David Sebben posted five pictures with the comment:
Several postings here have shown the first railroad bridge over the Mississippi River between Rock Island, IL and Davenport, IA, but how about the rail that once carried trains from that bridge? Sticking out of the original embankment is a rail and several ties from that historically significant bridge of the Rock Island Railroad. Included are the subsequent bridges at or near that location in the Quad-Cities.
|2: 1856 to 1866, Bridge Hunter, see below about Abraham Lincols, built a little upstream of the current bridge|
|3: 1866-1872, Bridge Hunter, tornado damage in 1868, used the same piers that were built for the first bridge|
|4: I can't find info on this one. It must be 1872-1896 but it does not look strong enough|
Reposted by Chuck Edmonson: "Under construction around 1872."
|5, current bridge, built 1896 and rehabilitated in 1983 and 1997|
This account disagrees with all other accounts that I have read --- Abraham Lincoln, who was on retainer by the Rock Island, defended the railroad from the steamboat owners's suit claiming the bridge was a navigation hazard. That trail ended with a hung jury. Then the Rock Island counter sued and won.[Andy Wellman posting] The dispute did go to the Supreme Court, but Abraham was not involved with their general ruling that railroads have a right to bridge a navigable stream.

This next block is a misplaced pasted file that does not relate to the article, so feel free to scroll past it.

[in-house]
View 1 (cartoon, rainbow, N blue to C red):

|Quad-City Times: A drawing of the first Mississippi River rail crossing.|
|Andy Wellman shared|
Jim A. Fuhrmann One account some time ago I read revealed that Lincoln defended the Rock Island in a case in which the currents around the bridge were an issue and he went to the location in question and found a twelve year old boy who lived near there and frequently visited the river. He brought up a conversation with the boy and found out in twenty minutes every thing the boy knew about the flow of the waters in the river and found that it was as the boy said. The story concludes that Lincoln was able to use evidence he acquired from the boy to catch the boat company in a lie and win the case.
|Chuck Edmonson posted|
The third bridge of the Rock Island Arsenal constructed in 1872. Differing from the two previous spans, it was 'double-decked' with rail traffic above and pedestrian and wagon traffic below. Looking towards Illinois, it was very ornate up top, complete with eagle.
Dave Gudewicz Maybe an optical illusion, but it looks like there's a bend to the right in the tracks/bridge.
Chuck Edmonson There was a slight curve heading onto the bridge through an area known as Traders Vista. This bridge lasted but two decades, replaced by the current span. The draw span adjoined the Illinois side.